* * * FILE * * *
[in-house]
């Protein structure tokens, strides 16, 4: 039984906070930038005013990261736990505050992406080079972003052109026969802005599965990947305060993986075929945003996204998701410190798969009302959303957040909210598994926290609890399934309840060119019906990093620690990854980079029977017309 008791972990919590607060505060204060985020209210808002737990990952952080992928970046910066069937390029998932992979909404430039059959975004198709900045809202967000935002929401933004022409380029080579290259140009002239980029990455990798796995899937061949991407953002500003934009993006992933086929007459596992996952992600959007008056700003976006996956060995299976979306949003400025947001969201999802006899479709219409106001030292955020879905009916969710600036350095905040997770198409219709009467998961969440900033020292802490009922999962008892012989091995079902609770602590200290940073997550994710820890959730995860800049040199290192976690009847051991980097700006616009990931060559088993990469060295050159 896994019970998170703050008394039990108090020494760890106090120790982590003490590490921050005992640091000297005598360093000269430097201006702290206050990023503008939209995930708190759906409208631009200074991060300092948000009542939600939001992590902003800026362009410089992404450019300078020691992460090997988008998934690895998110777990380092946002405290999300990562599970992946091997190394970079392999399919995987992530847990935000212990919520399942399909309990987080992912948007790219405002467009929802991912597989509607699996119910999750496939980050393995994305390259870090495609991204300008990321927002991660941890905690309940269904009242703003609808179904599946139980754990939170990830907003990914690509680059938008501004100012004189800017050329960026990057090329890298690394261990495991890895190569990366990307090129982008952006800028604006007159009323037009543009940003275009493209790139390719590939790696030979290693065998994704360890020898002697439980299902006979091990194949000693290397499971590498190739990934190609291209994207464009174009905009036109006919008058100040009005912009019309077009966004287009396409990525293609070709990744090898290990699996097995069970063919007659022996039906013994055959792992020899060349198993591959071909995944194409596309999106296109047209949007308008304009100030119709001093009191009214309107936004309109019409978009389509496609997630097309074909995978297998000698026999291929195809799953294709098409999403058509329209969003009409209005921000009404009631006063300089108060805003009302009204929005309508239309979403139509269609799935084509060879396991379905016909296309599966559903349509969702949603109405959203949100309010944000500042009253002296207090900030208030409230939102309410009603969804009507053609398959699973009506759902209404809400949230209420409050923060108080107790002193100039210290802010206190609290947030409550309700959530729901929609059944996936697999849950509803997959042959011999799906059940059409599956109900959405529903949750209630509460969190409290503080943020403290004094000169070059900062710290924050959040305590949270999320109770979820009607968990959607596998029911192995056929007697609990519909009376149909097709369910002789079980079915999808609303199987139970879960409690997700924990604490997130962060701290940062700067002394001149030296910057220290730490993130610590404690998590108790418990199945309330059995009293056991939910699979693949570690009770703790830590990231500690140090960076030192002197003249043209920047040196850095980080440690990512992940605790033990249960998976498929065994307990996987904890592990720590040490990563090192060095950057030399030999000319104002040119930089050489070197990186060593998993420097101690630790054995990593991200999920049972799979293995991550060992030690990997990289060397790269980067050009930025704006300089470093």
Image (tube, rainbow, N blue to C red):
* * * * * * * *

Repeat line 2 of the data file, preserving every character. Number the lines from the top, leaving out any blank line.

């Protein structure tokens, strides 16, 4: 039984906070930038005013990261736990505050992406080079972003052109026969802005599965990947305060993986075929945003996204998701410190798969009302959303957040909210598994926290609890399934309840060119019906990093620690990854980079029977017309 008791972990919590607060505060204060985020209210808002737990990952952080992928970046910066069937390029998932992979909404430039059959975004198709900045809202967000935002929401933004022409380029080579290259140009002239980029990455990798796995899937061949991407953002500003934009993006992933086929007459596992996952992600959007008056700003976006996956060995299976979306949003400025947001969201999802006899479709219409106001030292955020879905009916969710600036350095905040997770198409219709009467998961969440900033020292802490009922999962008892012989091995079902609770602590200290940073997550994710820890959730995860800049040199290192976690009847051991980097700006616009990931060559088993990469060295050159 896994019970998170703050008394039990108090020494760890106090120790982590003490590490921050005992640091000297005598360093000269430097201006702290206050990023503008939209995930708190759906409208631009200074991060300092948000009542939600939001992590902003800026362009410089992404450019300078020691992460090997988008998934690895998110777990380092946002405290999300990562599970992946091997190394970079392999399919995987992530847990935000212990919520399942399909309990987080992912948007790219405002467009929802991912597989509607699996119910999750496939980050393995994305390259870090495609991204300008990321927002991660941890905690309940269904009242703003609808179904599946139980754990939170990830907003990914690509680059938008501004100012004189800017050329960026990057090329890298690394261990495991890895190569990366990307090129982008952006800028604006007159009323037009543009940003275009493209790139390719590939790696030979290693065998994704360890020898002697439980299902006979091990194949000693290397499971590498190739990934190609291209994207464009174009905009036109006919008058100040009005912009019309077009966004287009396409990525293609070709990744090898290990699996097995069970063919007659022996039906013994055959792992020899060349198993591959071909995944194409596309999106296109047209949007308008304009100030119709001093009191009214309107936004309109019409978009389509496609997630097309074909995978297998000698026999291929195809799953294709098409999403058509329209969003009409209005921000009404009631006063300089108060805003009302009204929005309508239309979403139509269609799935084509060879396991379905016909296309599966559903349509969702949603109405959203949100309010944000500042009253002296207090900030208030409230939102309410009603969804009507053609398959699973009506759902209404809400949230209420409050923060108080107790002193100039210290802010206190609290947030409550309700959530729901929609059944996936697999849950509803997959042959011999799906059940059409599956109900959405529903949750209630509460969190409290503080943020403290004094000169070059900062710290924050959040305590949270999320109770979820009607968990959607596998029911192995056929007697609990519909009376149909097709369910002789079980079915999808609303199987139970879960409690997700924990604490997130962060701290940062700067002394001149030296910057220290730490993130610590404690998590108790418990199945309330059995009293056991939910699979693949570690009770703790830590990231500690140090960076030192002197003249043209920047040196850095980080440690990512992940605790033990249960998976498929065994307990996987904890592990720590040490990563090192060095950057030399030999000319104002040119930089050489070197990186060593998993420097101690630790054995990593991200999920049972799979293995991550060992030690990997990289060397790269980067050009930025704006300089470093």